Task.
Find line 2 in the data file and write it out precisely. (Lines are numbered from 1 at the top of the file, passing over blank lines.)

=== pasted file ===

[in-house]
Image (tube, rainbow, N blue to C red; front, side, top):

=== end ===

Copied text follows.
Image (tube, rainbow, N blue to C red; front, side, top):